The California Family Code governs many aspects of divorce proceedings. In many respects, the various provisions operate to place the parties on “equal footing.” Courts interpreting these laws are guided by overriding principles of fairness and equality. The statutes cover many important matters, such as child custody, spousal support, and the division of marital property. If you are facing divorce, it is important to understand how these local state laws will affect your particular circumstances. An experienced family law attorney from the San Diego area can evaluate your case, with an eye toward protecting your interests and achieving the best possible settlement.
California is a “community property” state. This means that any property a couple acquires during the marriage belongs jointly to the “community,” or both people. For that matter, any debt acquired by the couple while they are married also belongs to both parties jointly. Upon divorce, a court typically ascertains and divides the marital property evenly. Since the division of marital assets and debts is a tremendous part of a divorce proceeding, having the potential to affect the parties’ separate futures, it is important to protect your rights early in the matter.
In a recent California divorce case, In re Marriage of Wright, the court reviewed a wife’s efforts to modify a portion of the divorce judgment against her former husband. The particular provision concerned the allocation of certain community property assets. Under the divorce judgment that was filed in June 2013, the husband was awarded “all assets” in his possession. The wife appealed from the judgment, arguing that the provision should refer only to “all disclosed assets” because she claimed that there was a “high likelihood” of undisclosed assets in this case.
In reviewing the matter, the court of appeals noted that the wife’s appeal is based on the assumption that the wording of the judgment permits her ex-husband to receive as separate property any community property assets that he did not disclose during the divorce proceedings. But according to the court, under California law, a spouse’s right to community property arises at the time the assets are acquired. Furthermore, § 2556 of the California Family Code provides (in pertinent part): “In a proceeding for dissolution of marriage, for nullity of marriage, or for legal separation of the parties, the court has continuing jurisdiction to award community estate assets or community estate liabilities to the parties that have not been previously adjudicated by a judgment in the proceeding.” According to the court, any property left “unadjudicated” by a divorce judgment is still subject to future litigation. Essentially, the provision that the wife complained of cannot “transmute” or change the character of the assets that were community property at the time of the divorce judgment, but that were not actually disposed of in the award.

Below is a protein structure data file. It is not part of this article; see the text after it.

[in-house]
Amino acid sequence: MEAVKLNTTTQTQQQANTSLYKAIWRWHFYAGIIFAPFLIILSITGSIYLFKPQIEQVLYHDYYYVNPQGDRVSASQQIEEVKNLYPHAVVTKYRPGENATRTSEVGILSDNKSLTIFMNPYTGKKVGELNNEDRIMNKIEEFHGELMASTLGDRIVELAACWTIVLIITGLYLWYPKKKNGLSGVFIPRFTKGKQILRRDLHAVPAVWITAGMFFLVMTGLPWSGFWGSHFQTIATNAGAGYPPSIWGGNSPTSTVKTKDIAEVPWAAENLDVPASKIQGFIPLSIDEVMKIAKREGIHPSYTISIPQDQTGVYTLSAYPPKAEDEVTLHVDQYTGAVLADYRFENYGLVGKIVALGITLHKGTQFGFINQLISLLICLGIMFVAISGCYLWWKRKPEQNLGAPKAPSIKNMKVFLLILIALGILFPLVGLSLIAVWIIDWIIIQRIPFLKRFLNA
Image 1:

While this opinion was not certified for publication, and it may not be relied upon or cited to by parties in future cases, the underlying legal analysis could serve to inform future family law decisions. Regarding the division of marital assets, it is important to fully understand how the California statutes could affect your divorce case. The best way to approach any divorce matter is to contact a local and experienced family law lawyer. Roy M. Doppelt has been representing parties involved in family law disputes for more than 20 years. Doppelt and Forney, APLC serves clients throughout Southern California, including San Diego, Encinitas, La Jolla, and Chula Vista. For a free consultation, contact Doppelt and Forney, APLC through our website, or give us a call toll-free at (800) ROY IS IT (769-4748).
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